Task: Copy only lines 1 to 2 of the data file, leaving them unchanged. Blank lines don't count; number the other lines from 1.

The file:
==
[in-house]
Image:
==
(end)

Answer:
[in-house]
Image: